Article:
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  • He expands state health department powers
  • But they say they don't have enough to go around initially
  • He says Maryland has "the supply and the capacity."
  • We’ve all felt the impacts of the COVID-19 pandemic these last 15 or so months. A new survey quantifies those impacts, especially for people who were struggling financially before the pandemic began. And NAACP leaders call for suspending the police officers involved in recent violent arrests of Black teens in Ocean City — and maybe a boycott of Ocean City businesses.
  • Just over a year ago, the need to ‘disinfect’ and ‘sanitize’ became a priority for every American. Mountains of Clorox wipes and gallons of hand sanitizer later, what long-term effects could increased use of antibacterials have on our health? Or for our water?Amy Sapkota, professor of Applied Environmental Health at the University of Maryland, studies links between real-world microbial exposures and infectious disease in humans. Antibacterial agents are necessary, she says, but some are better and safer than others. Original air date: March 31, 2021.
  • More than five million Marylanders have received a Covid vaccine dose. Now the state is moving its focus from mass vaccination sites to mobile outreach.Health Secretary Dennis Schrader describes the efforts. And as younger teens become eligible for the Pfizer vaccine, we ask how the state will expand access.Then, Amy Liebman of the Migrant Clinicians Network talks about the increased Covid risks facing immigrant workers in poultry and crab processing.
  • The pandemic is distributing financial and other stresses, like its health damages--chaotically. They’re colliding on people who never before reached out for mental-health support but are now seeking help.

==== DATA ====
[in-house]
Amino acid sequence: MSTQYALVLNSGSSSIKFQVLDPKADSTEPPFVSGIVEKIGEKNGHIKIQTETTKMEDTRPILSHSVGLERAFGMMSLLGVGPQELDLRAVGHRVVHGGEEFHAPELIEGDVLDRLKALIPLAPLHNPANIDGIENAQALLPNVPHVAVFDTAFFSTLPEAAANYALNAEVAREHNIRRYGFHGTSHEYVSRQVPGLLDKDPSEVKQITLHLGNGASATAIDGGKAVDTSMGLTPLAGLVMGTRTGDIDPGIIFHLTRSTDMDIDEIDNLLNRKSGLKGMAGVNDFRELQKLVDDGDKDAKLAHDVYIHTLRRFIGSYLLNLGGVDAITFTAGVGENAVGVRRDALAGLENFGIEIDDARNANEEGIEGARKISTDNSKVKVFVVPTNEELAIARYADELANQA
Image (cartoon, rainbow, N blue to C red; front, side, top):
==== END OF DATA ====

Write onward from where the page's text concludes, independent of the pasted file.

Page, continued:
• Child care is an essential service, but the pandemic rocked the industry: capacity was restricted and cleaning costs soared.We speak with Laura Weeldreyer of the nonprofit Maryland Family Network, and ask what President Biden’s "American Families Plan" would mean for the industry. Then, Christina Peusch, who leads the Maryland State Child Care Association, and Imani-Angela Rose, co-owner of a center in Northwest Baltimore, detail hurdles facing providers.
  • Only a small number of Marylanders who have received their first COVID-19 vaccine shot have skipped their second dose, less than 4 percent.But Dr. William Moss, who leads the International Vaccine Access Center at the Hopkins Bloomberg School of Public Health, says it’s a risky move. He talks about the factors behind vaccine drop-off.Then, the math that signals the end of the pandemic. UMBC health economist Zoë McLaren gives us a lesson in exponential decay. Read her New York Times piece, "The Math That Explains the End of the Pandemic."
  • Serving Homeless Individuals During The Pandemic